In connection with Zinemin’s post, I am witnessing my Eldest in the US pre-college education system and it is appalling how little connection is made between math and any of the sciences. Eldest is a freshman in high school, and they have integrated science (won’t have physics separately till junior or senior year, and even so only as an elective). This year, so far he’s had a unit of physics here and there, but they do not use math at all. You should have seen how they covered light that we observe from different stars, and inferences about star temperature or distance from color and brightness; it made my skin crawl. The math needed for the Stefan-Boltzmann law or Wien’s displacement law is really not that hard, a high school student could understand the power emitted per unit area of what’s essentially a generalization of the heater on the stove goes as temperature to the fourth, or why the intensity decreases as inverse distance squared from a source (such as a lightbulb; or a star). But it was all very qualitative, completely hand-wavy, with vague concepts such as perceived brightness and actual brightness (no definition of either and no textbook; based on the problems assigned, I managed to decipher the two to be, respectively, the intensity of light here on Earth (power per unit area) and total power emitted from the entire surface of the star; the fact that one is called perceived brightness and one actual brightness and they don’t even have the same units makes me want to break something. Once I deciphered what was meant, I was able to help my son with the work, but you should have seen his resistance. He is very good at math and can definitely do the manipulations needed for the calculations (it was a problem with three stars and their perceived/actual brightnesses and sizes and distances from Earth, so very simple algebra was all that was needed). Eldest just didn’t understand why I would want to inflict this math on him when the science teacher didn’t do it, it wasn’t necessary, and everything could just be handwaved. This is the only physics unit I saw him have this year; he might have had more, he just didn’t need help (he has excellent grades overall). But from what he mentioned  in passing, most of the integrated science focuses on biology, a little chemistry, some geology and some astronomy, but nothing with even with a little math.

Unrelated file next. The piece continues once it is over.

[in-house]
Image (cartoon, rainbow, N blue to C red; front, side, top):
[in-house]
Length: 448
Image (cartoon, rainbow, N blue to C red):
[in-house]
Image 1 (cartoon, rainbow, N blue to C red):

When I try to show my kid what I do for research, he zones out within 20 seconds because it is boring, and cannot understand why I would want to work on the stuff I work on because boooooring. This attitude appears common and continues into college. My undergraduate students still seem to think that they can be taught things in our physical science discipline without using math, as if math were some cruel curiosity that has no real use or connection to the concepts. It pains me when I hear this. Math is the language of nature and the fact that we can speak it is nothing short of miraculous.